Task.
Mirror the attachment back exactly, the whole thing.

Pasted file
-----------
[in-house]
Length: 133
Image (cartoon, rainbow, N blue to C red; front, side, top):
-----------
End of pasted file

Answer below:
[in-house]
Length: 133
Image (cartoon, rainbow, N blue to C red; front, side, top):